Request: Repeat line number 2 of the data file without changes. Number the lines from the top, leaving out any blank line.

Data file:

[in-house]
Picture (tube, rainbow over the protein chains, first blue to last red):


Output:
Picture (tube, rainbow over the protein chains, first blue to last red):